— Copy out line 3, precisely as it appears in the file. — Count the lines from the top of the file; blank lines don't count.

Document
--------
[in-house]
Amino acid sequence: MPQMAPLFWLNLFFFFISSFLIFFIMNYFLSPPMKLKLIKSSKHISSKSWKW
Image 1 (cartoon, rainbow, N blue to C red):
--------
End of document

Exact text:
Image 1 (cartoon, rainbow, N blue to C red):